Composting with Worms: Important Things You Should Know


Traditionally, people raise worms to be used as fishing bait and a protein source for different products like biodegradable cleansers and animal food. Also, worms are used to handle agricultural waste. These creatures turn waste into worm manure or castings, which are rich in nutrients. 

Vermicomposting is a process that uses worms to produce vermicompost. If you want to get started with vermicomposting, you can easily order Vers L’avenir worm kits online. 

Understanding Vermicompost

Vermicompost is also called castings or worm manure. A lot of those in the horticulture world consider worm castings as the best soil amendments. The amount of nutrients castings contain depends on what they are fed. Often, worms feed on food waste and manure, which are highly nutritious materials. 

Worm castings offer different nutrients that can promote plant growth. The biology of the gut of worms facilitates fungal and bacterial growth that benefits plant growth. Additionally, castings also contain a lot of chemical compounds that can promote plant growth. 

Types of Worms Used

The majority of worm farms raise Lumpricus rubellis and Eisenia foetida. Such worms are used for fish bait and to produce vermicompost. They are also called tiger worms, red wigglers, and manure worms. Usually, such species are raised together and not easy to tell apart.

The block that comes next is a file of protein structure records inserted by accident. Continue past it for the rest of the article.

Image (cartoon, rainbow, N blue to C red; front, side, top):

What Worms Need

Composting worms can survive a range of temperatures; however, they thrive best between 55 degrees F and 77 degrees F. Such creatures need moist, organic beddings to live in. They will consume the bedding and transform it into castings. Both oxygen and moisture are important and bedding must be damp enough. The skin of a worm is photosensitive, so it needs a dark environment.

Due to their lack of teeth, worms need some kind of grit in the bedding they can swallow. You can introduce a bit of sand or soil; however, ensure it is sterile to avoid the introduction of foreign organisms. You can try additives such as rock dust and oyster flour. Because oyster flow is calcium carbonate, too much of it will increase the pH in the environment of the worm. Worms prefer a pH level of 6.5. for typical worm bins, you only need to add a maximum of one tablespoon of grit. 

Should You Purchase Worms?

Red worms are hermaphroditic; however, 2 worms are necessary to procreate and exchange DNA. When a small egg case is produced, this can have up to 20 baby worms. 

The worms’ environmental conditions will influence worm population regulation. Such conditions include moisture, pH, space, bedding material, temperature, and the food amount. Typically, a household worm bin may begin with one pound of worms. These worms will soon become thousands in ideal conditions. 

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